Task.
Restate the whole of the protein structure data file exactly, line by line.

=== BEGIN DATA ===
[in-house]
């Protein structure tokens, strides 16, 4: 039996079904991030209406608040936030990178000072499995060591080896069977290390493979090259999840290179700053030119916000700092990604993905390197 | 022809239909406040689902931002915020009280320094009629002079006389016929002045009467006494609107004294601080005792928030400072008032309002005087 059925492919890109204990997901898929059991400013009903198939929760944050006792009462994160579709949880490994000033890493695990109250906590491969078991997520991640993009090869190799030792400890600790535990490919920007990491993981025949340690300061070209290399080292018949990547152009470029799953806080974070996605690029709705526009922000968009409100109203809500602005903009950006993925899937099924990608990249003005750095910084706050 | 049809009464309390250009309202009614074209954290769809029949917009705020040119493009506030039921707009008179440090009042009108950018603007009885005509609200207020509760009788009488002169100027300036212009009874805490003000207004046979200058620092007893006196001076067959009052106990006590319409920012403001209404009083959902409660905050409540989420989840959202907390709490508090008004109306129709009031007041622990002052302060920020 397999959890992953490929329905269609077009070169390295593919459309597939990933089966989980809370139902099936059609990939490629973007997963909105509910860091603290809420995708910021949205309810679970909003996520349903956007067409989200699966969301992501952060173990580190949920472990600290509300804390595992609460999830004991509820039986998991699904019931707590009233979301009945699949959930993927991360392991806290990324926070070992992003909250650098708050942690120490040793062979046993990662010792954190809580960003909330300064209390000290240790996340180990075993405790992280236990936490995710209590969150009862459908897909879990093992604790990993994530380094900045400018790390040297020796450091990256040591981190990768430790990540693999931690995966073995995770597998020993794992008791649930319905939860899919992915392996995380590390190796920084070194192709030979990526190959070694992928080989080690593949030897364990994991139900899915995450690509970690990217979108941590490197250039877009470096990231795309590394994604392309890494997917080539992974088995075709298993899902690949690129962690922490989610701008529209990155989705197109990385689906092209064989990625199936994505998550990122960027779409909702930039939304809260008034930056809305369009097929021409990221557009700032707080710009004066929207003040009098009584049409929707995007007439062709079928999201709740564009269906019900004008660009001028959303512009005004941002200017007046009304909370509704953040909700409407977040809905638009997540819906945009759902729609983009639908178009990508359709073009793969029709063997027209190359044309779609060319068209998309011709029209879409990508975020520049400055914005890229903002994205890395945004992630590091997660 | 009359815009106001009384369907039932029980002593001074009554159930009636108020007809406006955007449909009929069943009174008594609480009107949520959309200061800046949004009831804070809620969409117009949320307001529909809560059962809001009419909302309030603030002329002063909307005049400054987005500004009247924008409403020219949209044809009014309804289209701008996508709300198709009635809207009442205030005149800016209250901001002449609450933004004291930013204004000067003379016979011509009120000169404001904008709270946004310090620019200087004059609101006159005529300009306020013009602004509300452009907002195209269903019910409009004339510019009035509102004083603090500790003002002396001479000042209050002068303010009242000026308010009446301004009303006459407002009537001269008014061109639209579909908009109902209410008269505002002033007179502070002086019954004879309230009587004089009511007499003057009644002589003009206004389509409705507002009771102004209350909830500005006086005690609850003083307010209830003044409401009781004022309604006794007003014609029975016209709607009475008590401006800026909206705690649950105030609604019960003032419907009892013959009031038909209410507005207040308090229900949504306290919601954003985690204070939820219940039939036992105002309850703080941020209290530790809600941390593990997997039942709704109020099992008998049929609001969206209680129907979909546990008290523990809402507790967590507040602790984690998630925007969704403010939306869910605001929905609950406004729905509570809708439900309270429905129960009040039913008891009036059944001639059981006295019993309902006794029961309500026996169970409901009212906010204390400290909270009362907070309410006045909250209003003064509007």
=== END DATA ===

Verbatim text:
[in-house]
């Protein structure tokens, strides 16, 4: 039996079904991030209406608040936030990178000072499995060591080896069977290390493979090259999840290179700053030119916000700092990604993905390197 | 022809239909406040689902931002915020009280320094009629002079006389016929002045009467006494609107004294601080005792928030400072008032309002005087 059925492919890109204990997901898929059991400013009903198939929760944050006792009462994160579709949880490994000033890493695990109250906590491969078991997520991640993009090869190799030792400890600790535990490919920007990491993981025949340690300061070209290399080292018949990547152009470029799953806080974070996605690029709705526009922000968009409100109203809500602005903009950006993925899937099924990608990249003005750095910084706050 | 049809009464309390250009309202009614074209954290769809029949917009705020040119493009506030039921707009008179440090009042009108950018603007009885005509609200207020509760009788009488002169100027300036212009009874805490003000207004046979200058620092007893006196001076067959009052106990006590319409920012403001209404009083959902409660905050409540989420989840959202907390709490508090008004109306129709009031007041622990002052302060920020 397999959890992953490929329905269609077009070169390295593919459309597939990933089966989980809370139902099936059609990939490629973007997963909105509910860091603290809420995708910021949205309810679970909003996520349903956007067409989200699966969301992501952060173990580190949920472990600290509300804390595992609460999830004991509820039986998991699904019931707590009233979301009945699949959930993927991360392991806290990324926070070992992003909250650098708050942690120490040793062979046993990662010792954190809580960003909330300064209390000290240790996340180990075993405790992280236990936490995710209590969150009862459908897909879990093992604790990993994530380094900045400018790390040297020796450091990256040591981190990768430790990540693999931690995966073995995770597998020993794992008791649930319905939860899919992915392996995380590390190796920084070194192709030979990526190959070694992928080989080690593949030897364990994991139900899915995450690509970690990217979108941590490197250039877009470096990231795309590394994604392309890494997917080539992974088995075709298993899902690949690129962690922490989610701008529209990155989705197109990385689906092209064989990625199936994505998550990122960027779409909702930039939304809260008034930056809305369009097929021409990221557009700032707080710009004066929207003040009098009584049409929707995007007439062709079928999201709740564009269906019900004008660009001028959303512009005004941002200017007046009304909370509704953040909700409407977040809905638009997540819906945009759902729609983009639908178009990508359709073009793969029709063997027209190359044309779609060319068209998309011709029209879409990508975020520049400055914005890229903002994205890395945004992630590091997660 | 009359815009106001009384369907039932029980002593001074009554159930009636108020007809406006955007449909009929069943009174008594609480009107949520959309200061800046949004009831804070809620969409117009949320307001529909809560059962809001009419909302309030603030002329002063909307005049400054987005500004009247924008409403020219949209044809009014309804289209701008996508709300198709009635809207009442205030005149800016209250901001002449609450933004004291930013204004000067003379016979011509009120000169404001904008709270946004310090620019200087004059609101006159005529300009306020013009602004509300452009907002195209269903019910409009004339510019009035509102004083603090500790003002002396001479000042209050002068303010009242000026308010009446301004009303006459407002009537001269008014061109639209579909908009109902209410008269505002002033007179502070002086019954004879309230009587004089009511007499003057009644002589003009206004389509409705507002009771102004209350909830500005006086005690609850003083307010209830003044409401009781004022309604006794007003014609029975016209709607009475008590401006800026909206705690649950105030609604019960003032419907009892013959009031038909209410507005207040308090229900949504306290919601954003985690204070939820219940039939036992105002309850703080941020209290530790809600941390593990997997039942709704109020099992008998049929609001969206209680129907979909546990008290523990809402507790967590507040602790984690998630925007969704403010939306869910605001929905609950406004729905509570809708439900309270429905129960009040039913008891009036059944001639059981006295019993309902006794029961309500026996169970409901009212906010204390400290909270009362907070309410006045909250209003003064509007």